It’s not about you

Posted on October 19, 2011 12:51 pm by | Social Media

It's All About MeMore than once, I’ve heard tales of executives rejecting social media platforms because they personally dislike them. In one instance, a communicator recommend the company adopt FourSquare, but the executive dismissed it saying, “I just hate the concept that you’re letting burglars know your house is empty.”

Here’s a simple guideline for anyone evaluating social channels for their organization to embrace: It’s not about you. It’s about what your customers are using and the value your engagement in that channel will produce for the company.

Yesterday at the Mayo Clinic social media conference in Rochester, Minnesota, social media healthcare whiz-kid Chris Boyer told me about his decision to adopt FourSquare on behalf of his organization, Inova Health System, a healthcare network near Washington, D.C. As Chris tells it, he discovered that there had been thousands of check-ins at over 90 locations. That’s 90 locations within about a dozen facilities Invoa operates. Those locations even include the helipad.

Realizing that many people were checking in when they visited, Chris claimed ownership of each of those locations, which cost nothing other than a fair amount of time; he says it’s a laborious process. But now, whenever anyone checks in at any of those locations, Inova can make sure they get a message from the organization. One message reminds visitors that it’s flu season and they can get vaccinated at Inova facilities. The number of people who click through to more information would gratify a direct mail marketer. Those that actually get a flu shot represent measurable ROI.

Now, Chris is considering going to the next level, offering specials at Inova gift shops and coffee shops, but for now, he’s happy getting time-sensitive information into the hands of people who check in. He’s also pleased with the tips people are leaving—and there are a lot of them. Positive tips can help the network spotlight attributes they may not have thought would matter to people. Negative tips can direct Inova to make improvements in places they may not have known they were necessary.

Just imagine if an executive had told Chris, “FourSquare? Stay away from that. A friend of mine says it’s a notification system for thieves.”

It’s about being where your customers are, where you can connect with them and where you can glean insights about them to improve your relationships with them. It’s not about you.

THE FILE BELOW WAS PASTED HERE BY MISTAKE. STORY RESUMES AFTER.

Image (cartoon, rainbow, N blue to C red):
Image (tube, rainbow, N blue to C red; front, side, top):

Incidentally, Chris will be my guest on an upcoming FIR interview about his FourSquare experience.

10/19/11 | 7 Comments | It’s not about you



  • 1.Shel, I recently worked with Foursquare to claim about 75 DePaul sites in one fell swoop, including merging duplicates. If you have an organization with multiple locations, it's well worth your time to contact Foursquare and have one of their representatives assist you with this. You do need to provide them with the Foursquare URL of each location you want to claim, but you'd want to do that search anyway. It really trims down the time involved and also gives you a contact if any future issues crop up.

    Kris Gallagher, ABC | October 2011 | Chicago

  • 2.Great point. People have varying degrees of comfort when it comes to social media. Some like to disclose all while others tend to keep personal conversations to a minimum. You can choose whatever you'd like when it comes to personal use, but if you're going to use social media for business it's important to actually share in order to connect and form relationships with target audience members.

    Nick Stamoulis | October 2011

  • 3.I'm curious how many of those check-ins were from patients rather than employees? We see the bulk of our check-ins from employees - but patient use appears to be growing. Guess I'll have to tune in to FIR :)

    Jen | October 2011 | Omaha, NE

  • 4.Great post Shel. I've been fortunate to work with some clients who recognize their personal discomfort for what it is and not let it get in the way. Those who can't get past it, likely don't really understand the business value social media can bring. Getting that across is job one for communicators who are looking to go that route.

    Kim Herperger | October 2011

  • 5.This is a great post. I like how you outlined the good that foursquare is doing for Inova. I think sometimes it is hard for executives to understand that customers drive the bottom line. Since their job is not to connect with customers, they don't understand how to do it, or the impact that social media, when done right, can bring to their company.

    Nicole Delsanter | October 2011 | United States

  • 6.I loved this post. I am glad Chris Boyer used FourSquare to his advantage to further along his relationships with organizations that use Inova Health Systems. Using any sort of social media to boost business value helps you and your organization in the long-run. Executives seem to have a lot on their plate when working for a company/organization so they may not be able to find the value in some social media websites if they don't see the full potential in it. In today's world, if you understand what you're using, just keep going with it, just like Chris did.

    Kathryn Moore | October 2011 | United States

  • 7.Great post and excellent point. I hear these same objections to Twitter (less so now) and Foursquare. Those objections are as unreasonable as refusing to get a copy machine because someone once copied a picture of an inappropriate body part. Just because it can be misused doesn't mean the entire toolbox should be summarily dismissed.

    Heidi Miller | October 2011 | Seattle, WA

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